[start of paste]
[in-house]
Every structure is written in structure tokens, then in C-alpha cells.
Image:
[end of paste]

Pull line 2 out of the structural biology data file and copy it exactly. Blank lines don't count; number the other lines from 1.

Every structure is written in structure tokens, then in C-alpha cells.